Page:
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Hoops, flutes, strings and stories will electrify the Indian Market stage

by Bryan Corbin, editor, Storyteller Magazine | Jun 02, 2017

Over the years, some remarkable musicians, dancers and storytellers have graced the Eiteljorg Indian Market and Festival stage: Robert Mirabal, Indigenous, Brulé, Pamyua, Nakota LaRance and many others. For the 25th annual Indian Market on June 24-25, two of the most requested acts make encore appearances: fiddle and flute player Arvel Bird, who performs as the “Celtic Indian,” and world champion hoop-dancer and flute player Tony Duncan. They each perform two sets both days.

Arvel Bird (Southern Paiute) and Bearsheart Dancers (Lakota)

The potent eclectic mix of music styles flying from the strings of Arvel Bird’s fiddle during his concerts will remind some listeners of epic Holly­wood films. “They can expect to see Braveheart meets Last of the Mohicans, at Woodstock,” Bird said of his performance on fiddle and Native American flute.

Arvel Bird combines his dual heritage — Southern Paiute and Scottish — by fusing two music traditions into his original compositions. “I sing what would be classified as folk rock tunes, so you’ve got the instrumental element which is sweeping emotional kind of music, blended with songs of my Celtic and Native heritage,” he said.

Arvel Bird (Southern Paiute), 2017 Eiteljorg Indian Market and Festival performer - photo courtesy of Michael PawlukWith classical training on violin, Bird performed in country music, was a member of Glen Campbell's touring band for several years and was based in Nashville. Bird was deeply influ­enced by Appalachian and Creole fiddle, but later he discovered a Native American fiddle style, Métis — named for an Indigenous group that spans Canada and the United States who descend from the intermarriage of European, Cree, Ojibwe and other Indigenous ancestors to form their own distinct culture. In Métis social dancing, fiddle became the central instrument, he said, replacing the drum. “So (onstage) I tell the story of the evolution of Native fiddling, how it started, how it spread, who introduced it to different parts of country.”

His series of Animal Totems CDs were suggested by fans who heard his onstage perfor­mances of unrecorded songs and urged him to record them. “The stories (the fans) tell me of their experience of my music is what’s rewarding for me; it reaffirms and validates why I’m on the road and why I’m bringing my music to the people and why I have chosen to play my own music instead of being in someone’s band and playing their music,” he said.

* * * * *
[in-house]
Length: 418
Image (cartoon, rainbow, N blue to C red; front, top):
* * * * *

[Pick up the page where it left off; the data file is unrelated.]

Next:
Now based in Cottonwood, Ariz., Bird noted concert fans tell him his fiddle performances inspired them to take up violin lessons or resume playing the instrument after giving it up. “Music is what connects us, I believe, to the natural world, to the unseen world, to our higher selves,” he said.

At this year’s market, Arvel Bird will be joined onstage by Bearsheart Dancers, who perform traditional and non-traditional Sioux dance styles and drumming.

Showtimes: 
Arvel Bird performs at 10:30 a.m. and 1:30 p.m. on both Saturday June 24 and Sunday June 25 at the Eiteljorg Indian Market and Festival.

Tony Duncan (Apache/Arikara/Hidatsa)

Mesmerizing is the only way to describe Tony Duncan’s hoop dancing. Onstage, his high-energy sequences of moves combine multiple spinning hoops to tell stories depicting shapes of animals and parts of nature. Duncan was a featured dancer in pop singer Nelly Furtado’s 2012 music video “Big Hoops,” and he toured with her in Europe and Asia. “The hoop dance is basically storytelling through dance,” Duncan said. “It’s definitely a very fun and energetic dance, but it also has a lot of meaning.”

Tony Duncan (Apache, Arikara, Hidatsa), performer and hoop dancer at 2017 Eiteljorg Indian Market and Festival, photo courtesy of Tony Duncan ProductionsHis performances mix hoop dance styles and flute playing. Having recorded several flute albums on Canyon Records, Duncan recently released his new CD, Purify, where he switched from his longtime instrument, the river cane flute which has high birdlike melodies, to playing bass cedar flute, which has a deep tone “that just resonates right into your soul,” Duncan said.

From Mesa, Ariz., Duncan recalled how performing cedar flute at the Grand Canyon inspired the new recording. “I think back to that time when all the visitors were gone and I got to play the flute right at the edge of the Grand Canyon, and looking into the canyon and watching all the hawks soaring in and out, catching the breeze. So while I’m in the studio, I think of those memories that brought me balance.”

At this year’s Indian Market, Duncan will teach some basic hoop-dancing moves. “It’s basically a way to celebrate life and to show our appreciation and gratitude for our ancestors and spread that ‘good medicine’ to the people,” he said of his performances.

Showtimes:
Tony Duncan performs at 12:30 p.m. and 3:30 p.m. on both Saturday June 24 and Sunday June 25 at the Eiteljorg Indian Market and Festival.

Both performances are included with regular admission to the 25th annual Eiteljorg Indian Market and Festival on June 24-25 at 500 W. Washington St. Indianapolis. Please visit www.eiteljorg.org for more information and advance discount adult tickets.

 

 

 

 

 

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